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3 Tricks For Manipulating Pandas Dataframes

Blog: Think Data Analytics Blog

Pandas is one of the most widely-used libraries in the data science ecosystem. It provides numerous functions and methods for efficient data analysis and manipulation.

Reading the entire documentation and trying to learn about all the functions and methods at once is not a smart way for mastering Pandas. Instead, it is much more efficient to learn by solving tasks and problems.

In this article, we will solve 3 tasks that involve manipulating a data frame. The methods used for solving these tasks will be helpful for some other tasks as well.

We will make use of a NumPy function so let’s start with importing both libraries.

import numpy as np
import pandas as pd

Stacking data frames

Consider we have the following data frames.

(image by author)

We need to combine them into a single data frame. One method is to use the concat function of Pandas. However, it will create a separate column for each column name in both data frames.

pd.concat([df1, df2, df3])
(image by author)

If we combine several data frames with this method, we will end up having a data frame with too many columns. What we want instead is as follows:

(image by author)

We can create this by using the vstack function of NumPy. The following code snippet produces the above data frame.

df1.columns, df1,
df2.columns, df2,
df3.columns, df3]))

We can also assign column names with the columns parameter.

df = pd.DataFrame(
np.vstack([df1.columns, df1,
df2.columns, df2,
df3.columns, df3]),
columns = ["product_code","msr1","msr2","msr3"]
(image by author)

Select every other row

Let’s take a look at the data frame we have just created. The first, third, and fifth row does not contain a numeric value. They indicate the kind of measurements.

For some reason, we want to only select the rows that contain numerical values. Thus, starting from the second one, we need every other row.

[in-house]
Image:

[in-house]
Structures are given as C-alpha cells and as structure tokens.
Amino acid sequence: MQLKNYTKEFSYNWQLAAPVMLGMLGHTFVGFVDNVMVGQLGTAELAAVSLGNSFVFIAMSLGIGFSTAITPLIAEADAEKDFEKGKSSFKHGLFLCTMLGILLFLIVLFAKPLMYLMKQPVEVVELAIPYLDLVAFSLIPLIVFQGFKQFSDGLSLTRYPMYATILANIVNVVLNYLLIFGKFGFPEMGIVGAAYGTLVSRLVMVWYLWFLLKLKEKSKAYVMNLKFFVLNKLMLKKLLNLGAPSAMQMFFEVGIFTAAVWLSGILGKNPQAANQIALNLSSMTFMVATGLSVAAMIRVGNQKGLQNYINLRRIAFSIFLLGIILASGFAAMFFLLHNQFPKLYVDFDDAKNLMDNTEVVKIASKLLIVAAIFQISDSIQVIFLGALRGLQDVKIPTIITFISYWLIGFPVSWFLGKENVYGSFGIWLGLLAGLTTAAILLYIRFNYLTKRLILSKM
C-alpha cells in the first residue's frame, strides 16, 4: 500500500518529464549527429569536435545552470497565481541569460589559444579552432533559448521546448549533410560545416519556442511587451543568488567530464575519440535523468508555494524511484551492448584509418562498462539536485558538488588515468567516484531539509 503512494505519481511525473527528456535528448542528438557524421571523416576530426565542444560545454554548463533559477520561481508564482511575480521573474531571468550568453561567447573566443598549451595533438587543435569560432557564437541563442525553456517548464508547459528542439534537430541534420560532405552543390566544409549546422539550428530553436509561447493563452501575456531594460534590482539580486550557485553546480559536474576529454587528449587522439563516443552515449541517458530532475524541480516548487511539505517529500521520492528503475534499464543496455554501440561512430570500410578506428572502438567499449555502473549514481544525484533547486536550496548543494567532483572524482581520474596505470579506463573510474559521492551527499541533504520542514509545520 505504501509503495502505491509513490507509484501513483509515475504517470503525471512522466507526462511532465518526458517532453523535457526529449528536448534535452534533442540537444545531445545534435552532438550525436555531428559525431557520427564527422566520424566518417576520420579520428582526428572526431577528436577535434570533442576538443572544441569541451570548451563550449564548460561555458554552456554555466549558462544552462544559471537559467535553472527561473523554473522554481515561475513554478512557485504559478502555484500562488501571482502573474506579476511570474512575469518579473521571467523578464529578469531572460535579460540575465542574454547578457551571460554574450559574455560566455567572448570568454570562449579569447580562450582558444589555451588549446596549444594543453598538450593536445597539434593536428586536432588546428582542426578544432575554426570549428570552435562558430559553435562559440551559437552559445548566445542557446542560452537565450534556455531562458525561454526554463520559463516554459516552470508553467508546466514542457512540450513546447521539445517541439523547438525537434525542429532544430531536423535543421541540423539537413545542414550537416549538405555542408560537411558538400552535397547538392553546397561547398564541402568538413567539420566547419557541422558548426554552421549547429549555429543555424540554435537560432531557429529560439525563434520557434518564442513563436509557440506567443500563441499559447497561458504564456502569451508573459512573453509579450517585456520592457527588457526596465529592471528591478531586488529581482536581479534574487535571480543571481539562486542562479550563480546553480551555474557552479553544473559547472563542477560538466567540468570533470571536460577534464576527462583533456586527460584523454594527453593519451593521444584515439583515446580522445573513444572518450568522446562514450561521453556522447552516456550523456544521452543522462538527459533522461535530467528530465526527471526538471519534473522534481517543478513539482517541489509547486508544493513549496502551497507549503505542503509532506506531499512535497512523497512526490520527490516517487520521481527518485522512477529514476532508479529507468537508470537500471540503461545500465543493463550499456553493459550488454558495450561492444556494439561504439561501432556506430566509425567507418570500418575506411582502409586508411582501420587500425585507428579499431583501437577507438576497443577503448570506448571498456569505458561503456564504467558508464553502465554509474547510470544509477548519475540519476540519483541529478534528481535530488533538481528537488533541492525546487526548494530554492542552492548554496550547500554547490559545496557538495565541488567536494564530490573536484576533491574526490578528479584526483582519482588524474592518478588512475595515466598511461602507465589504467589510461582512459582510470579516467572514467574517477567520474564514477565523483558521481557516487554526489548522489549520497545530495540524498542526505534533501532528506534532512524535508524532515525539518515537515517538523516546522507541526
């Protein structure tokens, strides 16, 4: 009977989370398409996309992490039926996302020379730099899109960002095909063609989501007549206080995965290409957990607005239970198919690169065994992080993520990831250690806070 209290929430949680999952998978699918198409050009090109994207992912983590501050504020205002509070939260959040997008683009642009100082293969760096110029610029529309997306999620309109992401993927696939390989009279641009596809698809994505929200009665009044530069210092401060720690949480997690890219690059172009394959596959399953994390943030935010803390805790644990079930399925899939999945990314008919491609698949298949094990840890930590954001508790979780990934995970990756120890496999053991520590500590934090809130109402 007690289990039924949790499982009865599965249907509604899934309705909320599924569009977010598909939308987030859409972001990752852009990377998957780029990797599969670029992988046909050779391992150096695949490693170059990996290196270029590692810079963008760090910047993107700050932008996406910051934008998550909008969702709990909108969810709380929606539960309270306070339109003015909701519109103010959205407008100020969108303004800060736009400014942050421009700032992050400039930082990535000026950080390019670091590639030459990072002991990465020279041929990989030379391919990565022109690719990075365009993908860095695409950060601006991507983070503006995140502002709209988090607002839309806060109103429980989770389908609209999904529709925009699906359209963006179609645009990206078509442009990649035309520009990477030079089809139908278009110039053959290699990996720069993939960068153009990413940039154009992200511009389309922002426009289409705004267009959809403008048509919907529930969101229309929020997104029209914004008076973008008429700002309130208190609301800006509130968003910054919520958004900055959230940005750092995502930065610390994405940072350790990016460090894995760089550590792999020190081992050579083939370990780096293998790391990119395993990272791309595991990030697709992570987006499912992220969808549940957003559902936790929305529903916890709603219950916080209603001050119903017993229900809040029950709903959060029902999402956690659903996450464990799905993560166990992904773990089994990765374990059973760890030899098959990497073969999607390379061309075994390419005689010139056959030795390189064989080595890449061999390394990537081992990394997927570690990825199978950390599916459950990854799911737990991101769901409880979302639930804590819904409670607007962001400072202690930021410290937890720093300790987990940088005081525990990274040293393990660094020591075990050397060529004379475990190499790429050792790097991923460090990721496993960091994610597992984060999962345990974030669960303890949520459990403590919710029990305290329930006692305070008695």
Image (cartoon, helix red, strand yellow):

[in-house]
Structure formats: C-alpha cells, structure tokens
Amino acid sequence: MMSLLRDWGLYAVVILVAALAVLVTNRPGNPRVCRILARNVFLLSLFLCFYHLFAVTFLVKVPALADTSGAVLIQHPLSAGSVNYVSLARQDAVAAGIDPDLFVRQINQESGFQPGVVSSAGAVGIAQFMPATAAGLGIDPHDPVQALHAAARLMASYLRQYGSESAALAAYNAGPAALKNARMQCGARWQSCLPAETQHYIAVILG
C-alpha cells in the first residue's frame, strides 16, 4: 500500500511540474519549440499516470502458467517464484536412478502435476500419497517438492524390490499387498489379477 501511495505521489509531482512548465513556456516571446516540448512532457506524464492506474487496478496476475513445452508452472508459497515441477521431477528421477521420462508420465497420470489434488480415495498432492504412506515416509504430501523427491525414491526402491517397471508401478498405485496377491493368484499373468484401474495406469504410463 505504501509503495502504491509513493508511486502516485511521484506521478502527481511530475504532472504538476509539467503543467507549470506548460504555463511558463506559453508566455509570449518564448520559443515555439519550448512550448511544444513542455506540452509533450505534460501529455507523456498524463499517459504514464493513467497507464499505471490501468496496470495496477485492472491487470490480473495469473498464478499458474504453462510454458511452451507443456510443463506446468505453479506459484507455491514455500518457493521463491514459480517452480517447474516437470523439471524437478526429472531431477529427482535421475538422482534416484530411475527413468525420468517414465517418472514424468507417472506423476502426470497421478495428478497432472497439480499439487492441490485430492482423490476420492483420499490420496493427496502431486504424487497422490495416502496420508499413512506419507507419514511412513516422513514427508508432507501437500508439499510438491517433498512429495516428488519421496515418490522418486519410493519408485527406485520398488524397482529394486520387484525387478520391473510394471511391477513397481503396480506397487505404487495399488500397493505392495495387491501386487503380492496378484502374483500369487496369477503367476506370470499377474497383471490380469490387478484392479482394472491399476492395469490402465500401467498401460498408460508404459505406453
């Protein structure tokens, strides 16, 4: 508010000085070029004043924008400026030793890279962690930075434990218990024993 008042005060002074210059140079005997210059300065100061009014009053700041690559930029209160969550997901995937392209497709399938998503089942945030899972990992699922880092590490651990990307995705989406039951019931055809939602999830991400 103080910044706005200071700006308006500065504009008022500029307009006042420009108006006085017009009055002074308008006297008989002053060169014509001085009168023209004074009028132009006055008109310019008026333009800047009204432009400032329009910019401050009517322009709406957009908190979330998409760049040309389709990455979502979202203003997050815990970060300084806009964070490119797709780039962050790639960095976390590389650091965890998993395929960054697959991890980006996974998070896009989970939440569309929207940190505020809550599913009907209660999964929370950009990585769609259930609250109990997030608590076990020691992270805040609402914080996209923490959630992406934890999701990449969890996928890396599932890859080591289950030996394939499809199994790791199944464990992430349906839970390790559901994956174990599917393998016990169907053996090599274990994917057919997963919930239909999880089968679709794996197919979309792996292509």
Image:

The iloc method of Pandas is quite flexible in terms of how to select rows and columns from a data frame. We can specify the starting and ending index along with a step size.

(image by author)

The first and second numbers are the starting and ending indices, respectively. Since we want to go all the way down to the last row, we do not have to specify the ending index so it is left blank. The last number is the step size. If we need to select every third row, the step size becomes 3, and so on.

The iloc method also allows for selecting columns using the column indices.

df.iloc[1::2, :3]
(image by author)

The numbers after the comma specify which columns to select. The “:3” expression means select up to the third column starting from the beginning. We also did not indicate a step size so the default value is used which is one.

Create a new column at a specific location

It is a common operation to add new columns to a data frame. Pandas makes it very simple to create new columns.

One method is to write a column name and assign a constant value. Let’s add a date column to our data frame.

df["date"] = "2021-10-05"df
(image by author)

By default, the new columns are added at the end. If we want to add a new column at a specific column index, we should use the insert function.

The following code snippet creates a new date column at the beginning of the data frame.

df.insert(0, "new_date", "2021-10-05")df
(image by author)

The first parameter is the index for the new column. The second one is the column name and the last parameter defines the column values.


When it comes to working with tabular data, it is highly likely that Pandas has a solution for your task or problem. As you practice and solve problems with Pandas, you will discover the great features of this amazing library.

The best method for learning Pandas, as with any other software tool, is practicing. Reading the entire documentation without any exercise can get you only to a certain level. You should support it with lots of practice.

Thank you for reading. Please let me know if you have any feedback.

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